How will the Second Assembly succeed?
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If the first meeting of the Plenary Council is indeed in the rearview mirror, this week saw the conclusion of an important stage of transition between the two assemblies.
Without doubt the most important period of the whole Council begins now.
During the month of January, four drafting groups, convened by members of the central drafting committee, attempted to “distill” the material from the proposals of the first assembly from the documents of the small groups and individual members, also called the fruits of the first assembly.
The goal was for each of the four groups to write proposals for voting at the second assembly, as well as to compose substantive theological statements and possibilities for “further work” after the close of the Council.
Take, for example, the work of writing group B, whose emphasis was on ministry and servant leadership. Its four themes were Leadership, Structures, Seminars and Vocations.
“The second assembly will have 16 items to consider during its July 4-9 sitting days. Bishop Bird anticipates that each subject will be dealt with in just a few hours. »
Under each of these four topics, a staggering amount of material from the first assembly is collected. For example, Vocations includes, among other things, the possibility of a “ministry of preaching” to enable lay people to preach at Mass, the ordination of married men to the priesthood and the ordination of women to the diaconate.
Under Structures, the group examined the technical and costly elements of church governance, synodality, and the redistribution of resources from larger and wealthier urban dioceses.
Each of these subjects may be the subject of its own plenary council, but will rather be reduced to one or two proposals to be submitted to the vote of the second assembly.
The work of the drafting groups has just been completed and it is now the central drafting committee that takes over. The chairman of the committee, Bishop Paul Bird CSSR of Ballarat, spoke with The Catholic weekly on how this “distillation” – his preferred term – takes place.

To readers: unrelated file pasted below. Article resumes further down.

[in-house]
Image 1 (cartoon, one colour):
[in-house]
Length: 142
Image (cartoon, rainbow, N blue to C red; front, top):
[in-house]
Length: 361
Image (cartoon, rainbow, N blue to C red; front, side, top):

The second assembly will have 16 topic titles to consider during its July 4-9 sitting days. Bishop Bird anticipates that each subject, with its corresponding proposals put to the vote of the assembly, will be dealt with in just a few hours. Editorial groups and the editorial board must work with this limitation in mind.
“I don’t think there will even be time for an in-depth discussion,” he said. “You could have a session in the morning, and that’s when we look at this topic. That’s about as long as we have to get to that, if we want to get to the other 15 topics.
“It’s a big challenge for all of us! It is in a way the task that we have set ourselves.
The process from here, Bishop Bird said, is to “try to put [the propositions] in one form and then in the coming months, I think, I expect there will be another distillation – when we get feedback from the steering committee, and from wider members of the church community, and council members themselves.
There is no doubt that the editorial and steering committees have their work cut out for them. But three challenges in particular stand out. First of all, the material of the first assembly is divided into group reports and individual proposals, and it is not entirely clear how they should be weighed against each other.
Group reports are the products of open spiritual conversations. They’re far-reaching, more progressive, and in some cases read like meeting minutes or wish lists.
“Bishop Bird said the drafting process was not necessarily trying to capture majority opinion, but rather sought to formulate proposals that would achieve ‘general consensus’ at the second assembly.”
Individual proposals tend to be more concrete, more specific, more conservative and reflect the desire of some of the delegates to reinvigorate or strengthen traditional practices.
What are the preferred elements? Individual or collective?
Moreover, when incompatible positions arise on individual issues – such as positions for and against a controversial issue like the ordination of women to the diaconate – how does “distillation” work to reconcile them? Bishop Bird said the drafting process did not necessarily try to capture majority opinion, but rather sought to formulate proposals that would achieve “general consensus” at the second assembly.